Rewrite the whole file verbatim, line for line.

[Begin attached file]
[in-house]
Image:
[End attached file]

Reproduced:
[in-house]
Image: